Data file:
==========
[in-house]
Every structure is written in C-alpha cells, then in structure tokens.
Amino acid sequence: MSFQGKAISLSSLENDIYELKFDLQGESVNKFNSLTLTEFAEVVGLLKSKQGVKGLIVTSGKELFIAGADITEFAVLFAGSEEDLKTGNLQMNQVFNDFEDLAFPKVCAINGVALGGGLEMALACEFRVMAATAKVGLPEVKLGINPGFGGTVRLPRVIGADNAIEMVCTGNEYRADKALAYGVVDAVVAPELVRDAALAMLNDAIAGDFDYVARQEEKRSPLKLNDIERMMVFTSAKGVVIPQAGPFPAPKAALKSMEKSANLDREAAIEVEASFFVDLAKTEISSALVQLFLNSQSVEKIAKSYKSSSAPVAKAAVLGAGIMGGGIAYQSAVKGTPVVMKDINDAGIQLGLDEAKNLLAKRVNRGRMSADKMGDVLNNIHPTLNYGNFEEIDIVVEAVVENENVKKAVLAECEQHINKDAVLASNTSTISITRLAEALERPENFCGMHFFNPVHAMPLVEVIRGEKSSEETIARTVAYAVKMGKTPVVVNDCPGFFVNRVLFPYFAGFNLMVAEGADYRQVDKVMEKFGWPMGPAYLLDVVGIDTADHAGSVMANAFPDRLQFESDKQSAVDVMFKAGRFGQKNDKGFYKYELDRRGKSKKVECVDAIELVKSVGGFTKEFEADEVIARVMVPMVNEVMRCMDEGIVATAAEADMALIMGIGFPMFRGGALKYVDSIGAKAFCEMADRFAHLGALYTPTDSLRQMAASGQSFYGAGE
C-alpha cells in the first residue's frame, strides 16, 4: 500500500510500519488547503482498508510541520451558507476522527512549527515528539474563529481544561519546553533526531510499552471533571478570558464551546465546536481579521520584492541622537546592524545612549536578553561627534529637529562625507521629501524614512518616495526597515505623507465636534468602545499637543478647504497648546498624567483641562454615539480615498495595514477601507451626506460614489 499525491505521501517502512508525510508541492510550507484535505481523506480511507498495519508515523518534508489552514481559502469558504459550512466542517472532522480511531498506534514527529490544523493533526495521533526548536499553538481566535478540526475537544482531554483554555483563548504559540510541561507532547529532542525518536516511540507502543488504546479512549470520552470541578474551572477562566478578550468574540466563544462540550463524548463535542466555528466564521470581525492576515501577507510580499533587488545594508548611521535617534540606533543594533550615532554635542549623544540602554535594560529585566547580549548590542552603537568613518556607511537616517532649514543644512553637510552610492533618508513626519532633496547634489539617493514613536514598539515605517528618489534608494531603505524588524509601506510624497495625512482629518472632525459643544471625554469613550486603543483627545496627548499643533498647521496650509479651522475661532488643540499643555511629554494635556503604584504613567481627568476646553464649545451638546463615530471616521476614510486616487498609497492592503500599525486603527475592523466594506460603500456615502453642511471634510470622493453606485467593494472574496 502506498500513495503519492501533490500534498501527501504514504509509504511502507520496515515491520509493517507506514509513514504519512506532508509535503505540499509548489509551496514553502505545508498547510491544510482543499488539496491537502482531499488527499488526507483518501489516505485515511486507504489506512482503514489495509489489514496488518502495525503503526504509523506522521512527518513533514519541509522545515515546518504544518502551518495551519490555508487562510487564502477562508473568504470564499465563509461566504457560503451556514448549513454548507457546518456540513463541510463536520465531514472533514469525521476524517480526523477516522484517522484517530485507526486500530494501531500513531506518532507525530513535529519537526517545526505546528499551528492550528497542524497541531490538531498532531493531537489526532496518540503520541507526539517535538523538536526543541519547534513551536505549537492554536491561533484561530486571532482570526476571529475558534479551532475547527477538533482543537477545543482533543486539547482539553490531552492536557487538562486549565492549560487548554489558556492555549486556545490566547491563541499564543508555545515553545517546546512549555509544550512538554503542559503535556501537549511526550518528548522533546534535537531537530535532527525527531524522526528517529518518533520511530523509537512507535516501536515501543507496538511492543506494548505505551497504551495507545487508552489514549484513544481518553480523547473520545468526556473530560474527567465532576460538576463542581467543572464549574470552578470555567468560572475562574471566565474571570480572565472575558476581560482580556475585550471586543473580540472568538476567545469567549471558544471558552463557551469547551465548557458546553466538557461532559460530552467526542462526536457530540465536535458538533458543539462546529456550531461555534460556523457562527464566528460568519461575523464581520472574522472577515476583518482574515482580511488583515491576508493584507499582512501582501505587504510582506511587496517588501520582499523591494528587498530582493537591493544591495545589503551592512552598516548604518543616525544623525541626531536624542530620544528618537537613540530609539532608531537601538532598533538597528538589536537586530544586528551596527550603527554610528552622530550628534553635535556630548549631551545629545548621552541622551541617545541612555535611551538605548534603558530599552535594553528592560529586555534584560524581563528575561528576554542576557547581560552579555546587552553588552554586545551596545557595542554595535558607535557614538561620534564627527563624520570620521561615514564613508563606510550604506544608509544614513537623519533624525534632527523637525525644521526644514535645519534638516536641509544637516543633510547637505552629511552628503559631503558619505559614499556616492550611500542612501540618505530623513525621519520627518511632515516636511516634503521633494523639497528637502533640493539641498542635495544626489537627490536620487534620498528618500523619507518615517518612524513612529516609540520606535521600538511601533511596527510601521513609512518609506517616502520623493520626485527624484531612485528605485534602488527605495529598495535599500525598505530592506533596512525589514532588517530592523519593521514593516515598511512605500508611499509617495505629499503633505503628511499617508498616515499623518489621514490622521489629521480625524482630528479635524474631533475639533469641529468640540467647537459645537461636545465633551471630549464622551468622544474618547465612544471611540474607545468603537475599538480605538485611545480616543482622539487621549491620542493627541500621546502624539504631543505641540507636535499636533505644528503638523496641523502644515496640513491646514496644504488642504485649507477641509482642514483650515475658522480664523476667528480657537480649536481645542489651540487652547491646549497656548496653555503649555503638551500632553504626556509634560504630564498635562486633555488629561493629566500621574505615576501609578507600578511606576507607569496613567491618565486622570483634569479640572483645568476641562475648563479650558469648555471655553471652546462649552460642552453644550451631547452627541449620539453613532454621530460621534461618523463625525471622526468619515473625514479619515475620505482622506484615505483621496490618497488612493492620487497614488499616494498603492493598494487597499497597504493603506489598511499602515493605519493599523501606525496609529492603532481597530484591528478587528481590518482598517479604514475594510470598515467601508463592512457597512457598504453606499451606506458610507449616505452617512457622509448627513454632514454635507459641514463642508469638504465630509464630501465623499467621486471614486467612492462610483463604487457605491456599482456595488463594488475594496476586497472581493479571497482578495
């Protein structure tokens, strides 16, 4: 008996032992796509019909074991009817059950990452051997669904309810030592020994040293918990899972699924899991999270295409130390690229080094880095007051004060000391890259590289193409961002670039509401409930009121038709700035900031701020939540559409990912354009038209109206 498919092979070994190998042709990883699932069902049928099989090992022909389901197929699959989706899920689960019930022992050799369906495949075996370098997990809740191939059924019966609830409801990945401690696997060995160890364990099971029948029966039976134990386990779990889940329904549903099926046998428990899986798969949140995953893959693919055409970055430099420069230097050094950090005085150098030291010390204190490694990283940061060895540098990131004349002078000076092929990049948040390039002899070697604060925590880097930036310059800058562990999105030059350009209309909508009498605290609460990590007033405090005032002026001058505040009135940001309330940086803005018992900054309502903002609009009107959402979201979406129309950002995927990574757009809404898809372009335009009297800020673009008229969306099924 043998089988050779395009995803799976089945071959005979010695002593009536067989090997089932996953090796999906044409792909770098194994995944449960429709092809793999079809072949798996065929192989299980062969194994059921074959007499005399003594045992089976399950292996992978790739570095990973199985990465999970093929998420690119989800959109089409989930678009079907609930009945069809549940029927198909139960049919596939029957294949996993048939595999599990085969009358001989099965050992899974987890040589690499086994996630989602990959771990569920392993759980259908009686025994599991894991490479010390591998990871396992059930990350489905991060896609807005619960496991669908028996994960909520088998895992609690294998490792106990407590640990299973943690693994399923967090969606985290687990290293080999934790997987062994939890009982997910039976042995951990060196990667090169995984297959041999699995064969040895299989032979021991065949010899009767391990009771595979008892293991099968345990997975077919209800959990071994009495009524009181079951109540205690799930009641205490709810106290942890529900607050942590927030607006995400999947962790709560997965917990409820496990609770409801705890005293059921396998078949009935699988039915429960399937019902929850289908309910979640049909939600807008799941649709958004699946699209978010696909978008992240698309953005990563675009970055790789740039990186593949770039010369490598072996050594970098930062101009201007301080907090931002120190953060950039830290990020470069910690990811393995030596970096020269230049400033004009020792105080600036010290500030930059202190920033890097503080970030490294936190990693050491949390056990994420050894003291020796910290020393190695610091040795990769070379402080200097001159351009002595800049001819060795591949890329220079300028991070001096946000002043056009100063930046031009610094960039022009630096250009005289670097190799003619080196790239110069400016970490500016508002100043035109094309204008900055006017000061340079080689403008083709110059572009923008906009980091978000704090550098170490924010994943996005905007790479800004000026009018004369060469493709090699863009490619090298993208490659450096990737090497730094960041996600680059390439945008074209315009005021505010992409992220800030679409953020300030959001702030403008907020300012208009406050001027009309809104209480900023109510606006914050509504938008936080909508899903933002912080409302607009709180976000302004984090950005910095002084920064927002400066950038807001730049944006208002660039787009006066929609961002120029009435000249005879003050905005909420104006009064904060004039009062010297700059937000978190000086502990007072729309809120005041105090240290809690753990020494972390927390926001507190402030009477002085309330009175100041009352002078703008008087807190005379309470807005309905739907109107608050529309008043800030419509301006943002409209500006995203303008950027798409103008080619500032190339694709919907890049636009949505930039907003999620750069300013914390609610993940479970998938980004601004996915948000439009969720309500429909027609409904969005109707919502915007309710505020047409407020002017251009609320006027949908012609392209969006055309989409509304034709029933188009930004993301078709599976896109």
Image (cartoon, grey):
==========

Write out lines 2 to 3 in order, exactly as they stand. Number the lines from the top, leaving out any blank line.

Every structure is written in C-alpha cells, then in structure tokens.
Amino acid sequence: MSFQGKAISLSSLENDIYELKFDLQGESVNKFNSLTLTEFAEVVGLLKSKQGVKGLIVTSGKELFIAGADITEFAVLFAGSEEDLKTGNLQMNQVFNDFEDLAFPKVCAINGVALGGGLEMALACEFRVMAATAKVGLPEVKLGINPGFGGTVRLPRVIGADNAIEMVCTGNEYRADKALAYGVVDAVVAPELVRDAALAMLNDAIAGDFDYVARQEEKRSPLKLNDIERMMVFTSAKGVVIPQAGPFPAPKAALKSMEKSANLDREAAIEVEASFFVDLAKTEISSALVQLFLNSQSVEKIAKSYKSSSAPVAKAAVLGAGIMGGGIAYQSAVKGTPVVMKDINDAGIQLGLDEAKNLLAKRVNRGRMSADKMGDVLNNIHPTLNYGNFEEIDIVVEAVVENENVKKAVLAECEQHINKDAVLASNTSTISITRLAEALERPENFCGMHFFNPVHAMPLVEVIRGEKSSEETIARTVAYAVKMGKTPVVVNDCPGFFVNRVLFPYFAGFNLMVAEGADYRQVDKVMEKFGWPMGPAYLLDVVGIDTADHAGSVMANAFPDRLQFESDKQSAVDVMFKAGRFGQKNDKGFYKYELDRRGKSKKVECVDAIELVKSVGGFTKEFEADEVIARVMVPMVNEVMRCMDEGIVATAAEADMALIMGIGFPMFRGGALKYVDSIGAKAFCEMADRFAHLGALYTPTDSLRQMAASGQSFYGAGE